From here it was on to Rial, a tiny outfit owned and run by Günther Schmid, the volatile man behind ATS wheels. There were seven employees, eight in all with designer Gustav Brunner. The car, outwardly a copy of the Ferrari, worked well enough with a reliable Cosworth V8 and a Ferrari gearbox. But there was one small problem. Too small…
“Yes, there was,” says Andrea. “When Gustav asked engine tuner Heini Mader how big the fuel tank should be, Mader told him 190 litres. But this was not enough. Many times I was running strongly but I knew I hadn’t got enough fuel to finish the race. Crazy. In Canada and Australia I ran out, even though I was cutting the revs to save fuel. But I was fourth in Detroit, without the clutch. In the end Gustav was fired, there was no money, we had no engineer and Schmid asked me to keep a logbook of the engine mileage, brakes, everything, like a company car. Then, at Monza, the steering wheel came away in my hands at the first chicane. I braked, turned in and the wheel just came off. Schmid did not believe me. I had to show him photos of me holding the wheel in the air. He was a strange guy.”
Then came the Dallara years, Andrea taking his Marlboro money to BMS Scuderia Italia. Early results were encouraging. While heading for a podium at Monaco, however, he was rudely punted off while passing backmarker Nelson Piquet’s Lotus at Loews hairpin.
“I tell you, I was so angry. He did something really bad and today he would have been disqualified. For two laps he held me up, blue flags everywhere, and at Loews I went up the inside and he turned into me. This was the one place I could do well in the Dallara. It was underpowered and after the race I asked him, ‘Why you do this to me, why?’ and he replied that he was sorry. Honestly, sorry was not good enough. He also told me he was ‘fed up with this f****** race’. He was a world champion, he was lapped, it was a dark period for him and he just didn’t care. I would have been on the podium, for sure.”
In Canada, towards the end of ’89, Andrea finished third behind Williams pair Thierry Boutsen and Patrese, driving a brave and skilful race in the rain. This was to be the last time de Cesaris stood on a Grand Prix podium. The following year he failed to score a single point and moved on to Jordan.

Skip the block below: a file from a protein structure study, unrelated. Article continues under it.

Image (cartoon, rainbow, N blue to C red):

“I knew Eddie from my F3 days. He was smart, understood the way a driver’s mind works and knew how to get the best from me. If he thinks you can give him the edge, he will help you. If you’re not on the pace, he won’t even talk to you. So he was like a father to me – for him and Alfa Romeo I drove my best. I was comfortable and there was no pressure. And he knew I was good because I beat him in F3 when he was racing.
“The Jordan 191 was a good car and it was a good season, with many points, but at Silverstone the suspension broke at Bridge and I had a big crash. At Spa, you know, I could not believe what happened when the engine blew up – I was running second, not many laps to go, and suddenly…” He shrugs with frustration.
“My God, I thought, I look like an idiot next to this guy. I was side by side with a man who would win the world title seven times.”
“The oil tank was too small and I ran out. We were running a new type of piston ring that used more oil – but Ford hadn’t told us.” His team-mate that weekend, albeit briefly, was one Michael Schumacher, fresh from success in sports cars with Sauber. He joined Jordan after Bertrand Gachot was jailed following an affray with a London taxi driver.
“I was always quicker than Gachot,” de Cesaris says, “but then Schumacher arrived. In first practice at Spa he was four tenths faster than me, flat through Eau Rouge. My God, I thought, I look like an idiot next to this guy. I mean, I was side by side with a man who would win the world title seven times. At the hairpin he was three or four tenths quicker than me, for example, so I went out, went flat through Eau Rouge no problem, tried different lines at La Source, but still he qualified in front of me. In the race, of course, I went well and he was out on the first lap.”
A good season, then. He was ninth in the championship, more than he or Eddie had expected of a new team and a new car. The consensus at the time was that Andrea had driven with more of his head and less of his heart, the Anglo-Irish team exerting a calming influence. At the end of the year Jordan did a deal with Barclay and even his silver tongue could not talk its way into having two tobacco sponsors on the car. Something had to give and there were debts to be paid.
Andrea took his sponsorship down the road to Surrey, to a man who knew how to handle every type of driver. Ken Tyrrell had Ilmor V10 power for his 020, the car handled well and de Cesaris performed close to the top of his game.